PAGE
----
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East Timor

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The Democratic Republic of Timor-Leste, commonly known as East Timor i/ˌiːst ˈtiːmɔr/ (Tetum: Timór Loro-sa'e), is a state in Southeast Asia [note A]. It comprises the eastern half of the island of Timor, the nearby islands of Atauro and Jaco, and Oecusse, an exclave on the northwestern side of the island, within Indonesian West Timor. The small country of 15,410 km²[5] (5,400 sq mi) is located about 640 km (400 mi) northwest of Darwin, Australia.

East Timor was colonized by Portugal in the 16th century, and was known as Portuguese Timor until Portugal's decolonization of the country. In late 1975, East Timor declared its independence, but later that year was invaded and occupied by Indonesia and was declared Indonesia's 27th province the following year. In 1999, following the United Nations-sponsored act of self-determination, Indonesia relinquished control of the territory and East Timor became the first new sovereign state of the 21st century on May 20, 2002. East Timor is one of only two predominantly Roman Catholic countries in Asia, the other being the Philippines.

East Timor has a lower-middle-income economy.[6] It continues to suffer the aftereffects of a decades-long independence struggle against Indonesia, which damaged infrastructure and displaced thousands of civilians. It is placed 120th by Human Development Index (HDI).


'Recent History'The decolonisation process instigated by the 1974 Portuguese revolution saw Portugal effectively abandon the colony of East Timor. A civil war between supporters of East Timorese political parties, Fretilin and the UDT, broke out in 1975 as UDT attempted a coup which Fretilin resisted with the help of local Portuguese military.[15] Independence was unilaterally declared on November 28, 1975.[citation needed] The Indonesian government was fearful of an independent communist state within the Indonesian archipelago, and at the height of the Cold War, Western governments were supportive of Indonesia's position. The Indonesian military launched a full-scale invasion of East Timor in December 1975. Indonesia declared East Timor as its 27th province on July 17, 1976.[16] The UN Security Council opposed the invasion and the territory's nominal status in the UN remained "non-self-governing territory under Portuguese administration."


Demonstration for independence from Indonesia.Indonesia's occupation of East Timor was marked by violence and brutality. A detailed statistical report prepared for the Commission for Reception, Truth and Reconciliation in East Timor cited a minimum bound of 102,800 conflict-related deaths in the period 1974–1999, namely, approximately 18,600 killings and 84,200 'excess' deaths from hunger and illness.[17] The East Timorese guerrilla force, Falintil, fought a campaign against the Indonesian forces from 1975–1999. The 1991 Dili Massacre was a turning point for the independence cause internationally, and an East Timor solidarity movement grew in Portugal, Australia, and the United States.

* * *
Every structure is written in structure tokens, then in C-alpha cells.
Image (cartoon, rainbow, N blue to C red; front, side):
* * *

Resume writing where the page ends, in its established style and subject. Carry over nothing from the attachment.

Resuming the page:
Following the resignation of Indonesian President Suharto, a UN-sponsored agreement between Indonesia and Portugal allowed for UN-supervised popular referendum in August 1999. The resulting clear vote for independence was met with a punitive campaign of violence by Timorese pro-integration militia with the support of elements of the Indonesian military (main article 1999 referendum). An Australian led international peacekeeping force, INTERFET, was sent with Indonesian permission to ensure order was restored. The administration of East Timor was taken over by the UN through the United Nations Transitional Administration in East Timor (UNTAET) in October 1999.[18] The INTERFET deployment ended in February 2000 with the transfer of military command to the UN.[19] East Timorese independence was formalised on May 20, 2002 with Xanana Gusmão sworn in as the country's first President. East Timor became a member of the UN on September 27, 2002.

In June 2006, Prime Minister Mari Alkatiri resigned as Prime Minister,[20] and José Ramos-Horta was appointed as his successor.[21] The following year, Gusmão declined another presidential term and in the build-up to the April 2007 presidential elections there were renewed outbreaks of violence. José Ramos-Horta was elected President in the May 2007 election.[22] Ramos-Horta was critically injured in an attempted assassination in February 2008. Prime Minister Gusmão also faced gunfire separately but escaped unharmed. Australian reinforcements were immediately sent to help keep order.[23]

In 2006, the United Nations sent in security forces to restore order when unrest and factional fighting forced 15 percent of the population (155,000 people) to flee their homes. In March 2011, the UN handed-off operational control of the police force to the East Timor authorities, but more than 1,200 UN police officer still patrol on the street. After the 2012 presidential election, the missions are scheduled to end